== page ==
The CNS Guide to NIS+

The CNS Guide to NIS+

The Document

The CNS Guide to NIS+ is a document I wrote while installing and administering a small NIS+ space, built on a handful of Solaris 2.6 and Solaris 2.7 machines. Please feel free to grab a copy of this document in Microsoft Word 2000 format and modify it as you see fit. The most recent version is dated March 4, 2002.

What is NIS+?

[Excerpted from "The CNS Guide to NIS+"]

"...There are lots of answers to this question. Here is mine.

NIS+ is a storage mechanism for holding databases. It supports hierarchical access and administration over these databases . It supports replica servers in a single-master scheme. Interactions between NIS+ servers and clients are authenticated via a Diffie-Hellman exchange.

By default, NIS+ ships with support for common Unix flat files. Here is the list of default databases which NIS+ supports; notice how most of them are also popular Unix flat files.

aliases		auto_home	auto_master	bootparams	ethers
group		hosts		netgroup	netid		netmasks
networks	passwd		protocols	publickey	rpc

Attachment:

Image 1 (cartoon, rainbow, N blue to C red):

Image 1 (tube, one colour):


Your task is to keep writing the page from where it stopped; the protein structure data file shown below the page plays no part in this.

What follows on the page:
services	shadow		timezone

As a result, NIS+ can be used as semi-secure way to distribute and maintain access to this common Unix data across a collection of Solaris boxes, as well as to provide semi-secure support for common RPC protocols, like NFS and sadmind (Sunís AdminSuite package).

The administrator can create additional databases. This is a tremendously powerful feature of NIS+, and one which I barely exploit in this document, with the creation of the auto_direct table.

Socio-politically, NIS+ belongs to the ONC specification, in particular to the Secure RPC portion of ONC. Despite its openness, only Sun has ever shipped a NIS+ implementation. Despite the similarity in names between NIS (formerly YP) and NIS+, the two have little in common..."

Last modified: 2017-04-28